The recently published State of the Nation 2010 report by sector skills council People 1st has revealed that restaurants still have a higher than average level of staff turnover, at 36%. A third of restaurateurs in People 1st's survey (35%) said that it took new chefs up to six months to become fully competent in their roles.
Meanwhile, the average turnover in the rest of the hospitality, travel, tourism and leisure sector is little better, currently standing at 31%.
So how can you best reduce the constant churn of staff and manage the level of turnover? Here are some top tips:
â- Benchmark your organisation against current industry standards and geographical location. If you work in a restaurant business, you will naturally have a much higher turnover rate than a professional services firm. Context and location are key.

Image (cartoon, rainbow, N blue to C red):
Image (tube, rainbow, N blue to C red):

â- Set clear promotion and development guidelines that are transparent and fair. If an employee feels they cannot progress in their role, and has no control over career development, after a certain period of time they will begin to look externally for a new position.
â- Develop effective workplace policies and nurture a positive culture. Policies on grievance, bullying and harassment should be communicated to staff in an environment where employees feel confident about reporting problems.
â- Invest in people management training for line managers. This will enable them to not only support and reward staff effectively, but also intervene before small problems or escalating workloads become a reason for leaving.
Tips courtesy of Caterer's sister publication Personnel Today